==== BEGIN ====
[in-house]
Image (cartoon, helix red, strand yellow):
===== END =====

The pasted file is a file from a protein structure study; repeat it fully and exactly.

[in-house]
Image (cartoon, helix red, strand yellow):